Synopsis: It’s senior year at St. Joan’s Academy, and school is a pressure cooker. College applications, the battle for valedictorian, deciphering boys’ texts: Through it all, Colleen Rowley and her friends are expected to keep it together. Until they can’t.

First it’s the school’s queen bee, Clara Rutherford, who suddenly falls into uncontrollable tics in the middle of class. Her mystery illness quickly spreads to her closest clique of friends, then more students and symptoms follow: seizures, hair loss, violent coughing fits. St. Joan’s buzzes with rumor; rumor blossoms into full-blown panic.

Soon the media descends on Danvers, Massachusetts, as everyone scrambles to find something, or someone, to blame. Pollution? Stress? Or are the girls faking? Only Colleen—who’s been reading The Crucible for extra credit—comes to realize what nobody else has: Danvers was once Salem Village, where another group of girls suffered from a similarly bizarre epidemic three centuries ago . . .

Inspired by true events—from seventeenth-century colonial life to the halls of a modern-day high school—Conversion casts a spell. With her signature wit and passion, New York Times bestselling author Katherine Howe delivers an exciting and suspenseful novel, a chilling mystery that raises the question, what’s really happening to the girls at St. Joan’s?

Why I Chose This Book: 

First Impression: Intriguing cover. What does the yellow bird mean? The thorny branch  gave off a feeling of danger and mystery without being too cliche. I really liked this cover.

What I Liked: I’d never heard of the confession that came years after the Salem Witch Trials and revealed everything to be a prank. It was very interesting to read. I also didn’t know about the Mystery Illness of 2012, so this book showed brand new history to me, both older and recent. I liked that we didn’t get a straight answer at the end. It felt very real.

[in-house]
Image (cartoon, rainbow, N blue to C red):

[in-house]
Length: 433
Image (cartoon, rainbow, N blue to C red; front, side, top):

What I Didn’t Like: The two narratives didn’t mesh well to me. I think the stories would have been better as two separate novels or maybe if it had been written by someone more YA-oriented? It could have been 100 pages shorter and had a much stronger impact instead of dragging on. There’s a taboo relationship that almost felt condoned by the author/plot. Colleen felt like someone trying too hard to be a teenager.

Ratings and Recommendations: I honestly don’t know? I’m still trying to figure out how I feel.

6. Not Sure How To Feel

Final Thoughts:  I really needed to read this with a book club so I had a group of people to help me figure out what I thought of it. I went back and forth on so many aspects, that I don’t know how many stars to give or who should read it or anything. I’m very conflicted with this book.

Sound off in the comments: Have you read this book? What did you think? Let me know!

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Book Review: Brazen by Katherine Longshore

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Synopsis: Mary Howard has always lived in the shadow of her powerful family. But when she’s married off to Henry Fitzroy, King Henry VIII’s illegitimate son, she rockets into the Tudor court’s inner circle. Mary and “Fitz” join a tight clique of rebels who test the boundaries of court’s strict rules with their games, dares, and flirtations. The more Mary gets to know Fitz, the harder she falls for him, but is forbidden from seeing him alone. The rules of court were made to be pushed…but pushing them too far means certain death. Is true love worth dying for?

Why I Chose This Book: I got this book as a prize for beating my sister at the 2015 PopSugar Reading Challenge last year. Being obsessed with historical fiction, specifically anything set in Henry VIII’s court, I have had this on my radar since it started getting publicity. As soon as it was in my hands, I started devouring it.

First Impression: My one disappointment with this GORGEOUS cover is that the jewel under the z is off center. This was so distracting!!! It drove me so crazy that I just took the dust cover off and left it on the shelf.

What I Liked: I loved that Anne Boleyn was such a large part of this book! She’s my favorite historical figure and I love seeing her from different perspectives because so much of her life is uncertain. Fitz was so sweet and I really grew to love Mary. Her poetry is gorgeous. She has a love of words that many bookworms will super relate to: “I flinch a little at the word. [Concubine]’s not as bad as whore. The round u and long i make it taste almost fruity. But the hard c’s are like seeds, puckering the mouth.” There’s so much of this almost tasting of words, and it’s such a gorgeous way of connecting to Mary.

There are many quotes I wrote down in my notes just so I could share them.

“There are some people who make an impact as soon as you meet them. Lodge themselves in your mind. Embed themselves in your very soul. Anne Boleyn is one of those people.”